Would be great that manipulators show the scale % and store it in Form file , so you can always know if the model is 100% or has been scaled.
For artistics models probably is no usefull but for jewelry sometimes is necesaray to scale a exact %.
With the actual manipulator is not possible to know how much is it.
And a mirror option that respect supports would be great too.
Earrings and cufflinks are usually mirrors and to do the supports two times is a waste of time
The scale does get saved in the FORM file. And you can always check it by looking in the Size flyout.
You’re right, it’d also be nice to be able to see it on the manipulator too.
So for the mirror option, you’d get one model all oriented and supported, and then create a mirrored duplicate, is that right?
yes, been wanting a mirror/flip option for a while–I have a bunch of stuff that has symmetrical parts and it’s annoying to have to flip the model in 3ds Max and export to Preform again and have to redo the supports.
Ohh, I never used the “Size flyout”. Thank you for the tip, but please include the % in the manipulator
About the mirror, yes exactly that.
Mirror with supports would be great.
And what I am still missing: In support edit mode are no layer numbers. With complex models it is very hard to find the same layer. Please ad layer numbers in support edit mode.
Hopefully this will be a tad helpful. When traversing layers, Page Up/Page Down goes up/down 1 layer at a time. Holding down Shift while hitting Page Up/Page Down moves you up and down 10 layers at a time. Might help until they fix this bug.
I know this shortcuts. What I mean is:
If you check a model for not supported overhangs (this can be seen better in normal view and not in support edit mode) and you find a not supported overhang at layer 1357 and you want to ad a support to this overhang you have to change to support edit mode. Now the view changes back to layer zero. Now try to find layer 1357 in a complex modes - lets say a arm of an octopus that is curved and has 200 suckers. I tell you that is very difficult. And you can be sure on at least 10 suckers preform will not find the lowest point. I attached a screenshot of an other model where it was very hard to find those not supported points. You can rotate the model however you want. It is always difficult.
Gotchya. I can see how that would be frustrating. Maybe open a ticket with FL.
I think formlabs knows this.
I know this is off topic, and I think you would already know this, but if you rotate your model as per the mockup diagram below, then you would not need any supports for the hairs.
Thank you for your advice burt the hairs are not the problem. I can make them out of a different material and remove them. The problem on this model are those hundreds of little bumps or knobs all around the model. Preform never finds all the overhangs. Preform sets the support at least on 20 to 30 points on the wrong place and you have to correct it by hand. And thats hard. You can turn around the model however you want and you always have the same problem because the bumps are everywhere.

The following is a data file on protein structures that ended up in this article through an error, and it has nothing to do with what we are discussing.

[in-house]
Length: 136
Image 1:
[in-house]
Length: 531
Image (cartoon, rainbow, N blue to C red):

I have attached two screenshots: screenshot 1 - model with supports (it does not matter how it is orientated) and screenshot 2 is layer 72 (the second layer of the actual printed model) - and here is the first error - a not supported bump - that must be corrected by hand. And it is only layer 72. But it goes on through the next hundred layers.
I hope the problem is now a bit clearer to understand.
That certainly is a problem.
You might have to give up on PreForm supports and generate some of your own procedural supports in your modeling software.
Because of how bumpy it is on all sides there’s not going to be an orientation where you wouldn’t need a lot of supports and end up with surface issues.
What you could do though, is split it into two pieces, it looks like there’s a top part that you could remove at a natural seam and then you would have surface one either part where you could place supports and easily clean up, you would just need to make a way for the parts to fit together. Since it has a natural spot for the parts to separate you wouldn’t even need to fill the seam. One of the things with this printer is figuring out if breaking up the object will allow you to orient the parts in a way to get the best results for details.
On a semi-related note, I create many functional parts for our lead engineer. For me precision is key, if I am off 1/2 a mm the part won’t fit onto current pipe fittings or other products (for prototyping purposes only of course).
Anyways I find I am having to redo almost all of my supports on certain parts to save edges and corners. Here is what I mean.
I cannot stand that those supports end up on the vertices rather than the edges. For me, sanding the flat edges is much easier than trying to save the corners…I’d set it up like this:
I thought about splitting this model but when you glue them together you have a lot of post work to do because of this bumpy skin. In this case it is still easier and faster to do the supports by hand.
The reason to split it is to avoid having to put supports on the bumpy parts
If you split that part off then you have a surface on the inside of the two parts where you can put supports and it’ll be easy to clean up, and then you can have the bumpy parts oriented up so that they get the best detail.